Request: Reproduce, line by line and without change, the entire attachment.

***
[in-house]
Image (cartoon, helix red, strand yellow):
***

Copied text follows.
[in-house]
Image (cartoon, helix red, strand yellow):